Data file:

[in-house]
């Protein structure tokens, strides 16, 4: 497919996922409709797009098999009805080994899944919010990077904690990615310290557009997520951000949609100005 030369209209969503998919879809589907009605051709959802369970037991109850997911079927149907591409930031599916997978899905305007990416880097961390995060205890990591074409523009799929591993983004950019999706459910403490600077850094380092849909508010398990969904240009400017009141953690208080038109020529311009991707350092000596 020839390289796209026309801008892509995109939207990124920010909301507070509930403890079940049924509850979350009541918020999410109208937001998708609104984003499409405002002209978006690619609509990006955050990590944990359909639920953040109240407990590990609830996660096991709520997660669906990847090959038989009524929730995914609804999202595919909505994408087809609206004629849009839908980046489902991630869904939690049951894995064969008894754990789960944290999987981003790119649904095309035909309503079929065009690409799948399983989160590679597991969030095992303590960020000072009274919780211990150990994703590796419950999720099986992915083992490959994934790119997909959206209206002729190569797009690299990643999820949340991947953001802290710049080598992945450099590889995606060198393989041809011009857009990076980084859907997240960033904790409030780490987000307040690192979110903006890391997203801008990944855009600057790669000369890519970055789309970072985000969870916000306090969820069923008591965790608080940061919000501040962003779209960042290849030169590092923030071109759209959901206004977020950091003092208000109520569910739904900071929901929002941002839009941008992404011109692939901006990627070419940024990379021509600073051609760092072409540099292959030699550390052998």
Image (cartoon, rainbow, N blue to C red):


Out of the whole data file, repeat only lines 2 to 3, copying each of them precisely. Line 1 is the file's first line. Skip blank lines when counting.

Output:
């Protein structure tokens, strides 16, 4: 497919996922409709797009098999009805080994899944919010990077904690990615310290557009997520951000949609100005 030369209209969503998919879809589907009605051709959802369970037991109850997911079927149907591409930031599916997978899905305007990416880097961390995060205890990591074409523009799929591993983004950019999706459910403490600077850094380092849909508010398990969904240009400017009141953690208080038109020529311009991707350092000596 020839390289796209026309801008892509995109939207990124920010909301507070509930403890079940049924509850979350009541918020999410109208937001998708609104984003499409405002002209978006690619609509990006955050990590944990359909639920953040109240407990590990609830996660096991709520997660669906990847090959038989009524929730995914609804999202595919909505994408087809609206004629849009839908980046489902991630869904939690049951894995064969008894754990789960944290999987981003790119649904095309035909309503079929065009690409799948399983989160590679597991969030095992303590960020000072009274919780211990150990994703590796419950999720099986992915083992490959994934790119997909959206209206002729190569797009690299990643999820949340991947953001802290710049080598992945450099590889995606060198393989041809011009857009990076980084859907997240960033904790409030780490987000307040690192979110903006890391997203801008990944855009600057790669000369890519970055789309970072985000969870916000306090969820069923008591965790608080940061919000501040962003779209960042290849030169590092923030071109759209959901206004977020950091003092208000109520569910739904900071929901929002941002839009941008992404011109692939901006990627070419940024990379021509600073051609760092072409540099292959030699550390052998």
Image (cartoon, rainbow, N blue to C red):